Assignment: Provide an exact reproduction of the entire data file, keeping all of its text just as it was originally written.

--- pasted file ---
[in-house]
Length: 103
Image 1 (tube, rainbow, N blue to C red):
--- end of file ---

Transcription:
[in-house]
Length: 103
Image 1 (tube, rainbow, N blue to C red):